Priority Club Increasing Points Requirements for Reward Nights on January 18

As reported by Live from a Lounge, Priority Club sent out their monthly e-statement with this ominous note,

Effective 18 January 2012, Priority Club will make changes to the number of points required for Reward Nights.

No clue as to what the changes would be were included. However, at this moment, the Priority Club Reward Night page brings up new award levels when using the Google Chrome browser, strangely when using Internet Explorer only the old rates come up.

It’s not an across the board devaluation. Rather, whereas Priority Club has historically charged a single points level based on the brand of hotel you were redeeming for, and in recent years has added some segments within each brand (so that an Intercontinental might be 30,000 or 40,000 points). Now they’re adding greater segmentation:

  • Candlewood Suites will cost 15,000 or 20,000 points per night, rather than just 15,000.
  • Crowne Plaza properties will cost 25,000 or 35,000 points per night, rather than just 25,000.
  • Hotel Indigo will be 25,000 or 35,000 points per night, rather than just 25,000.
  • Holiday Inn and Holiday Inn Express further segment — going from 10,000/15,000/25,000 to 10,000/15,000/20,000/25,000.
  • InterContinental adds a new 50,000 points level. Ouch.
  • Staybridge Suites will cost 20,000 or 25,000 points per night, rather than just 20,000.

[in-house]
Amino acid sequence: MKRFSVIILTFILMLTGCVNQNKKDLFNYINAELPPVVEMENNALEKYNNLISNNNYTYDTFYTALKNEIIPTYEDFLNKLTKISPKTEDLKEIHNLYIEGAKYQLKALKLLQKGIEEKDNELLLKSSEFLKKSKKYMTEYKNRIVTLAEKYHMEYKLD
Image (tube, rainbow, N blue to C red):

I frankly hate redeeming Priority Club points anyway (except when they’re an exceptional value for specific properties listed in PointBreaks at just 5000 points a night) because it’s the only chain that specifically doesn’t honor most elite status benefits on award stays. There’s also no option for premium room redemptions for additional points. So a top tier elite member, who spends all year with the chain, based on the terms and conditions of the program should be ‘rewarded’ with the most basic room when they finally cash in the points – the supposed ‘fruits of their loyalty’.

Priority Club points are easy to earn, but I tend to prefer gifting them to friends and family for whom upgraded accommodations are less important. Or if I’m going to use them, it will be on short stays where I simply need a place to sleep.